British Prime Minister David Cameron Thursday won support from German Chancellor Angela Merkel for EU reforms of European welfare systems, arguing that what is good for Britain is also good for Europe.
Cameron is seeking backing for his demands for EU reforms, which he is battling to secure before Britain’s referendum on membership in the 28-nation bloc by the end of 2017.
Speaking in southern Germany, where he held talks with the Christian Social Union – sister party of Merkel’s CDU – Cameron said he was “even more confident after the discussions here that these (reforms) are possible and not just good for Britain but actually good for Europe”.
“Not simply because other European countries will benefit by Britain continuing to be a member of Europe, but I think it’s important that (the EU) shows it has the flexibility of a network and can address concerns of an individual member rather than the rigidity of a bloc,” he said.
Cameron wants the EU to cut bureaucracy and shift more powers from Brussels to member states. He is also seeking guarantees that Britain will be protected from closer EU political integration and from economic decisions made by the 19 EU members that use the euro currency.
Those demands have so far proven relatively uncontroversial.
However, a key sticking point for several EU members is Cameron’s aim to restrict benefits for EU migrants for their first four years in Britain.
Critics of the plan say the measure would harm the EU’s central tenets of non-discrimination between EU citizens and freedom of movement between member states.
While Merkel is seen as generally supportive of Britain’s position, she has said that “the fundamental achievements of European integration” are not up for debate, in what is a clear reference to this proposal.
However Merkel later Thursday acknowledged that it was “not the intention of the law of free movement” to immediately allow EU migrants to claim benefits from host member states.
“That means that you can work everywhere in Europe but this intention does not include drawing social benefits everywhere in Europe from day one,” she told reporters in Berlin.
She said her own Labour Minister, Social Democrat Andrea Nahles, had also proposed new restrictions “which to a certain extent mesh with what Britain is seeking”.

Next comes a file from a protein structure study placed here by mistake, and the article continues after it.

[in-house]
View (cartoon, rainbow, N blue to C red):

The CSU has more eurosceptic leanings than its bigger sister party, the CDU, and has signalled support for Cameron’s bid to limit benefits for EU migrants.
In an article for Germany’s Bild newspaper on Thursday, Cameron also reiterated his belief that the changes he is seeking “will benefit the EU too, and Germany can help deliver them.”
“We want to stop people taking out from a welfare system without contributing to it first,” Cameron wrote.
“Like Germany, Britain believes in the principle of free movement of workers. But that should not mean the current freedom to claim all benefits from day one and that’s why I’ve proposed restricting this for the first four years.”
Later Thursday Cameron travelled to Hungary, where he won broad backing from Hungarian counterpart Viktor Orban for his EU reform proposals – but not for his idea to freeze welfare benefits for EU migrants in Britain.
Speaking at a joint press conference with Cameron in Budapest, Orban said Hungary “fully supported” three out of four of Cameron’s proposals but not his plan to restrict benefits for EU migrants for their first four years in Britain.
“We are citizens of a state that belongs to the EU and one whose people can take jobs anywhere in the EU, we don’t want to go the UK and take something away, we don’t want to be parasites,” Orban said. “Hungarians contribute well to the British economy so they shouldn’t accept discrimination,” Orban said.
Cameron said the plans “remain on the table” but that he is “open to alternative solutions” before a meeting of EU leaders next month in Brussels. “Goodwill and creative thinking can find solutions,” he said.
Orban said he was “optimistic” however that agreement on Cameron’s proposals among the ‘Visegrad 4’ bloc of central European EU members – including Poland, Slovakia, Czech Republic – could be reached, even on the “more difficult” including welfare system reform idea.
A common position by the Visegrad 4 bloc was necessary as other countries like much larger Poland were more affected by Cameron’s plan on benefits. Some 55,000 Hungarian-born citizens are working in Britain according to Orban, although unofficial estimates put the figure at several hundred thousand. The word “migrants” in Cameron’s proposals has also been a sticking point for Orban who has fought a year-long battle to keep migrants from entering Hungary including building border fences.
“It is very important that we are not considered as migrants, words matter here…language plays a very important role in our politics”.
Cameron is keen to avoid a so-called “Brexit”, but faces a large eurosceptic contingent within his Conservative party and growing public discontent over Britain’s relationship with Brussels.
Highlighting divisions over the EU, Cameron on Tuesday said his ministers would be allowed to campaign for or against Britain’s EU membership ahead of the referendum.